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NAACP - The Struggle Continues

The Negro Holocaust - Lynching and Race in America - Part 2:

By Lunette Howell and Betty Valentine, NAACP Editorial Team

Guest Column

As we continue to address the subject of lynching, past and present, we must first acknowledge the fact that, even though times, methods and people are different, the threats and consequences can have the same fatal outcome today.  Trayvon Martin, Tamir Rice and Michael Brown are no longer with us – the outcome is still the same – death with no consequences for the murderers.

The NAACP was created in response to the Springfield Riot in 1906 following the shooting of six black men and the lynching of two others (See Part 1).  From that point on the NAACP investigated and recorded several high-profile cases.  The following are a few of their major cases:


On May 8, 1916, Jesse Washington, a boy of s17, of deficient mentality, raped and murdered the wife of his employer.  On May 15 he was tried in Waco, Texas, and condemned to hang that same afternoon.  With the connivance of Sheriff Fleming and without protest from Judge Munroe, the mob took the prisoner from the courtroom to the square under the mayor’s window, where cameras were set up to take photographs.

Fifteen thousand Texans shouted their approval while those near enough unsexed him; cut off his fingers, nose, and ears; and burned him alive; after which the remains were dragged through the streets of a city of 40,000, bouncing at the end of a lariat.  The teeth brought five dollars each, and the links of the chain 25 cents.


On August 18, 1916, the sheriff went from Gainesville, Florida, at two o’clock in the morning to arrest Boisy Long for hog stealing.  Boisy shot the sheriff and escaped.  In retribution next morning, the mob hanged Boisy’s wife, Stella Long; Mary Dennis (pregnant), James Dennis, and Bert Dennis (neighbors); and Josh Baskin, a colored preacher – all to the same “Dogwood Tree.” As an expression of white supremacy.


Many people think that lynchings happened in the distant past, but that is far from the truth.  Many people who migrated to the North during the Great Migration, 1915 – 1960, and their descendants still feel the pain created when a family member was lynched.  One such local family still bares the pain of losing a family member.  In August of 1926 the grandfather of George W. Hayes and great-grandfather of  Brandi Quinn was lynched in Virginia.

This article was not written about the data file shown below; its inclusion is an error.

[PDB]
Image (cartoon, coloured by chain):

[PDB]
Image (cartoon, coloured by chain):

As a young man George often had discussions with his mother, Ms. Hazel Beatrice Hayes, about her past.  She told him that at the age of two or three her father was lynched by a mob in Virginia.  Although she was too young to remember details, the information was not difficult to find as Byrd’s lynching made headlines across the country in publications such as Time magazine, The New York Times, The Virginian-Pilot, and others.  Between 1877 and 1926, more than 90 people were lynched in Virginia.  The grisly murder of Raymond Byrd is historic because it was the last recorded lynching in Virginia.

The date was August 15, 1926, in Wytheville, Virginia when 31-year old Raymond Byrd was lynched for assaulting a white girl, the daughter of Grover Grubbs a local farmer for whom Byrd worked.  Byrd was a native of Speedwell in Wythe County.  He was married to Tennessee Hawkins, a black woman, and had three daughters, Edith, Lillian and Hazel.   After serving in World War I, Byrd went to work as a farmhand for Grover Grubb.

On July 23, 1926, Minnie Grubb, Grover’s daughter, gave birth to a biracial daughter.  Grover immediately accused Raymond of raping his daughter.  Minnie vehemently denied she was raped and insisted that the sex was consensual. However, even if consensual, sex between blacks and whites was illegal.  On August 10, 1926, Byrd was imprisoned in the Wytheville jail for assault. 

Early on the morning of August 15 a masked mob of about 50 men entered the jail and quickly located Raymond.  They shot him in his cell.  The mob then took Byrd’s body and tied it to an automobile and dragged it for 12 miles to the scene of the alleged crime where they hanged his body to a tree.

A special grand jury was empaneled in Wytheville to investigate the lynching of Raymond Byrd.  Many witnesses were questioned and it took some time before they got the name of one individual to arrest.   On September 6, 1926, Herbert Huddle was arrested in Bluefield in connection with the lynching, as his initials were carved in the tree where Byrd was hanged (Harrisonburg Daily News Record) but was later released (Danville Bee).  On September 9th, Governor Byrd offered a $1,000 reward for the arrest and conviction of any other member of the mob responsible for the lynching of Raymond Byrd (Harrisonburg Daily News Record).  On January 13, 1927, the special grand jury indicted Floyd Willard for the killing of Raymond Byrd; no other member of the mob was indicted (Danville Bee).  However, in September 1926, Willard was acquitted, the jury returning its verdict after ten minutes of deliberation (Danville Bee).

Raymond is one of the 4,400 lynching victims who will be recognized as part of the new museum in Montgomery Alabama 


Become a NAACP member - $30/adult; $15/youth annually and receive a Crisis magazine.  Join our meetings every second Tuesday at 7:00 p.m.  There will be no July meeting due to the National NAACP Convention in San Antonio, Texas.  The August meeting will be at the Mott Branch Library at 1085 Dorr Street.

View our website at www.naacptoledo.org.  Call us at 419-214-1551.



Copyright © 2018 by [The Sojourner's Truth]. All rights reserved.
Revised: 08/16/18 14:12:10 -0700.

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